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Oatmeal Baths, Crushed Berries and Everything In-between

From berries to oatmeal baths, our bloggers have tried it all. Read what they have to say about the interesting things that end up on their skin.

There are many experiences that people living with chronic spontaneous urticaria (CSU) share with each other – especially when it comes to what feels good or bad on their skin. In this article, we asked our Skin to live in bloggers how certain things feel, and included their answers on everything from daily items, to some bizarre ones. Maybe you can relate!

 

Touch: a sense we sometimes forget how integral it is to our daily lives. We don’t always notice it, but our skin is always touching something (most likely the clothes you’re wearing right now, unless you just got out of the shower and are reading this naked…OK, let’s not go there).

 

When living with CSU, touch takes on an entirely new meaning. It’s a fear that puts a lot of CSU’ers in an uncomfortable position: If I touch this, how will my skin react? Will I have a breakout? Not to mention, since the cause of breakouts is still a mystery,[i] everything, and we mean EVERYTHING, is mulled over before it hits the skin of someone living with CSU. 

Take clothing, for example. Most people don’t have to think twice about whether or not their outfit will make them break out in hives, but those with CSU are very careful about what they wear. Our STLI writer Luke explains:

“Anything that is tight on me, or has an itchy consistency - like wool - bothers my skin. So, if you think about it, holiday sweaters are my worst enemy. They are constricting, itchy and they make me break out. Bah humbug, indeed!”

Clothing isn’t the only thing that may have people living with CSU feeling uncomfortable. Something as simple as warm water can cause a great deal of discomfort.

“I discover hives I didn't know I had when I get into a hot tub or take a bath,” explains Shelly. “The worst case of this is when a public bathroom has a motion-censored sink that doesn’t let you control the temperature. More often than not, the water that comes out is pretty hot, and if you have hives on your hands, it is like washing them under a lava flow.”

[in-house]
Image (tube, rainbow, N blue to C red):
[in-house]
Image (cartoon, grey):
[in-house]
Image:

Now for the unusual. We’re sure that anyone with a skin condition has heard some wild remedies for CSU, and some of these were covered in our recent article [Ask the Derm link].  Now, we can’t say whether or not the below ideas actually provide any benefit, but remember, always talk to your doctor before trying anything new in your routine. Having said that, let’s take a look at some of the most unusual things our STLI community members have tried for their skin condition:

 

Kayla:

“I have tried soaking in an oatmeal bath like they recommend when you have chicken pox. I thought, ‘both chicken pox and CSU itch so it must work, right?’ Unfortunately, that was not the case and it made my breakout worse because of the heat.”

 

Shelly:

“When I was at a yoga bookstore, an employee convinced me to buy crystals to help my breakouts. Yup, rocks. He explained to me how these rocks would help heal my skin, if I simply placed them by my bedside at night. Well, the crystals did not work, but at least I got some pretty cool rocks out of it.”

 

Luke:

“The most bizarre remedy that I`ve ever tried was rubbing kokum on my body. Kokum is a fruit sometimes used in Indian cuisine. Would I recommend it? No. There`s not a whole lot of things you can do with crushed berries smeared on your body. You’re pretty much stranded wherever you decide to put them on. Also, it gets VERY sticky.”

 

Whether it feels good or bad on your skin, sharing your experiences with your doctor is definitely important. They are best suited to recommend what could be beneficial for your skin, and may be able to give you their perspective on some things to stay away from as well. So, are you still thinking of that oatmeal bath? Try talking with your doctor instead!



[i] Asthma and Allergy Foundation of America (AAFA) website. "CIU and You" Accessed July 2014. Available at: http://www.aafa.org/page/ciu-you.aspx

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